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But the study from Google and UC–San Diego explicitly excludes incidents when accounts are compromised by someone the victim knows personally, or hijacked by means of physical access to the victim’s devices. The researchers’ focus raises an interesting question: Why would total strangers want access to my email in the first place, and how much should I care whether they get it?

The motivation for manual account hijackings is the same as for automated hijackings (and so much other criminal activity): money. But where botnet operators profit from sending high-volume spam, the researchers found that manual hijackers primarily make money by stealing banking information, holding accounts for ransom, or emailing the victims’ contacts with a woeful story and an urgent request for money. (“We were mugged last night in an alley by a gang of thugs on our way back from shopping, one of them had a knife poking my neck for almost two minutes and everything we had on us including my cell phone, credit cards were all stolen.”)

Before they can invent these colorful sob stories, however, the hijackers first have to get access to a victim’s account. This usually happens through website- and email-based phishing schemes soliciting submission of email and financial institution credentials, the study found. Given how long we’ve been hearing about the threat of phishing, it’s astonishing that when the researchers studied phishing pages set up to collect credentials through Google Forms, 13.7 percent of visitors actually completed the form (presumably, though not necessarily, providing accurate login information). So people still can’t reliably identify phishing emails and websites—and people are still responding—especially those of us affiliated with educational institutions: More than 99 percent of the phished email addresses the researchers identified were from .edu domains, perhaps because schools and universities tend to host their own email, and have less sophisticated spam filters than major mail providers. (That doesn't mean you should breathe easy if you don’t use a .edu email account—just that you’re much less likely to find a phishing email in your inbox in the first place.)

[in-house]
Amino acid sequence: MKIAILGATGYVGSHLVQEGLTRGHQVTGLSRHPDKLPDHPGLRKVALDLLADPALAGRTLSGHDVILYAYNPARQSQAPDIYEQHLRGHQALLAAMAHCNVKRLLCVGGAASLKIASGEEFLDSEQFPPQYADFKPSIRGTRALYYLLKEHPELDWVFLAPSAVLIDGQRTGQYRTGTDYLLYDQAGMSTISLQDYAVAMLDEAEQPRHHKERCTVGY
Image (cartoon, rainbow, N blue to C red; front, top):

Once they have your credentials, the hijackers spend about three minutes deciding whether it’s worth their time to exploit your account, according to the study’s analysis of hijacked Google accounts. To figure out whether you qualify—or proactively purge your account of potentially costly information—try searching your email for the top 10 hijacker search terms identified by the researchers: wire transfer, bank, transfer, bank transfer, wire, transferencia, investment, banco, and the Chinese characters for account statement. This won’t protect your friends and family from being hit up for cash by hijackers or from being hijacked themselves—the study showed that contacts of hijacked accounts were 36 times more likely to be hijacked than a random sample of users—but at the very least it might help secure your own financial assets.